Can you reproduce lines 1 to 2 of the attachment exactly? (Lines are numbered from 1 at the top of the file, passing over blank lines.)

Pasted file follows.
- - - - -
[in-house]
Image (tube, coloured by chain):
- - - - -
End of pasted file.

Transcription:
[in-house]
Image (tube, coloured by chain):